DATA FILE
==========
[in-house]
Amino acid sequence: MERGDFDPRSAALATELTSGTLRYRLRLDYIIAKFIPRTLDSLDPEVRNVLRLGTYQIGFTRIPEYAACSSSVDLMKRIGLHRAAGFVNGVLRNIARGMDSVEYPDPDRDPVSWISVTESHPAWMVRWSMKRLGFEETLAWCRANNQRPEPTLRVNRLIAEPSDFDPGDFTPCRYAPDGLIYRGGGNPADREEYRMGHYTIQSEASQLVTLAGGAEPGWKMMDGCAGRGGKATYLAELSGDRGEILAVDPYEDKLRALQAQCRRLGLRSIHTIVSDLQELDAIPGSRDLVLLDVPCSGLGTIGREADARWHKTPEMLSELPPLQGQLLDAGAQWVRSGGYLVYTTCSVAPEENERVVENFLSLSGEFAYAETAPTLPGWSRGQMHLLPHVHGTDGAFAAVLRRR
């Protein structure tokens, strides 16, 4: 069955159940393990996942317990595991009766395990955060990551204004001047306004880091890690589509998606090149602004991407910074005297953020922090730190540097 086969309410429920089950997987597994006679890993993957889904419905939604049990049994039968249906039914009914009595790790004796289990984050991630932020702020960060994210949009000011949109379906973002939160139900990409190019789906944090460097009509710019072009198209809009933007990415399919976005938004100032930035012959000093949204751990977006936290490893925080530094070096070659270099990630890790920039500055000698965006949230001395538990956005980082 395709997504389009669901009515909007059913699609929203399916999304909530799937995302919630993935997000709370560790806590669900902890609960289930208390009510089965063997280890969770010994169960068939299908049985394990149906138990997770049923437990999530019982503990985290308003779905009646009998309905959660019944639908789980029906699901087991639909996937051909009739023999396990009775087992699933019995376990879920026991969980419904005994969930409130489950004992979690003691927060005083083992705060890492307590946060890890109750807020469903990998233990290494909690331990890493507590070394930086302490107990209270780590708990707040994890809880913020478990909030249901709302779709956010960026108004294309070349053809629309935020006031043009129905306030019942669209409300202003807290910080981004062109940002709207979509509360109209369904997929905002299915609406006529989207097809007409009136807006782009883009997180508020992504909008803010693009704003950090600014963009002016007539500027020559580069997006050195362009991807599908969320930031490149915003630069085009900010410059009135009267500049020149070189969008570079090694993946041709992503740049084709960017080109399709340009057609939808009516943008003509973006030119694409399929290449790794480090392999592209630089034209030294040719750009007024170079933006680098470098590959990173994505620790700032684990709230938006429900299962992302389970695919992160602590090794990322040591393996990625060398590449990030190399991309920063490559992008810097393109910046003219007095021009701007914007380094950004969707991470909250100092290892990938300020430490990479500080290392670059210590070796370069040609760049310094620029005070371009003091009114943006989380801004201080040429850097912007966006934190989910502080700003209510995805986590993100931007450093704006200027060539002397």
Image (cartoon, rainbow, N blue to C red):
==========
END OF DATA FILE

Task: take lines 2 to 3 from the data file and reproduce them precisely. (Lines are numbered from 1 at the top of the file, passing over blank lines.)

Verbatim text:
Amino acid sequence: MERGDFDPRSAALATELTSGTLRYRLRLDYIIAKFIPRTLDSLDPEVRNVLRLGTYQIGFTRIPEYAACSSSVDLMKRIGLHRAAGFVNGVLRNIARGMDSVEYPDPDRDPVSWISVTESHPAWMVRWSMKRLGFEETLAWCRANNQRPEPTLRVNRLIAEPSDFDPGDFTPCRYAPDGLIYRGGGNPADREEYRMGHYTIQSEASQLVTLAGGAEPGWKMMDGCAGRGGKATYLAELSGDRGEILAVDPYEDKLRALQAQCRRLGLRSIHTIVSDLQELDAIPGSRDLVLLDVPCSGLGTIGREADARWHKTPEMLSELPPLQGQLLDAGAQWVRSGGYLVYTTCSVAPEENERVVENFLSLSGEFAYAETAPTLPGWSRGQMHLLPHVHGTDGAFAAVLRRR
């Protein structure tokens, strides 16, 4: 069955159940393990996942317990595991009766395990955060990551204004001047306004880091890690589509998606090149602004991407910074005297953020922090730190540097 086969309410429920089950997987597994006679890993993957889904419905939604049990049994039968249906039914009914009595790790004796289990984050991630932020702020960060994210949009000011949109379906973002939160139900990409190019789906944090460097009509710019072009198209809009933007990415399919976005938004100032930035012959000093949204751990977006936290490893925080530094070096070659270099990630890790920039500055000698965006949230001395538990956005980082 395709997504389009669901009515909007059913699609929203399916999304909530799937995302919630993935997000709370560790806590669900902890609960289930208390009510089965063997280890969770010994169960068939299908049985394990149906138990997770049923437990999530019982503990985290308003779905009646009998309905959660019944639908789980029906699901087991639909996937051909009739023999396990009775087992699933019995376990879920026991969980419904005994969930409130489950004992979690003691927060005083083992705060890492307590946060890890109750807020469903990998233990290494909690331990890493507590070394930086302490107990209270780590708990707040994890809880913020478990909030249901709302779709956010960026108004294309070349053809629309935020006031043009129905306030019942669209409300202003807290910080981004062109940002709207979509509360109209369904997929905002299915609406006529989207097809007409009136807006782009883009997180508020992504909008803010693009704003950090600014963009002016007539500027020559580069997006050195362009991807599908969320930031490149915003630069085009900010410059009135009267500049020149070189969008570079090694993946041709992503740049084709960017080109399709340009057609939808009516943008003509973006030119694409399929290449790794480090392999592209630089034209030294040719750009007024170079933006680098470098590959990173994505620790700032684990709230938006429900299962992302389970695919992160602590090794990322040591393996990625060398590449990030190399991309920063490559992008810097393109910046003219007095021009701007914007380094950004969707991470909250100092290892990938300020430490990479500080290392670059210590070796370069040609760049310094620029005070371009003091009114943006989380801004201080040429850097912007966006934190989910502080700003209510995805986590993100931007450093704006200027060539002397």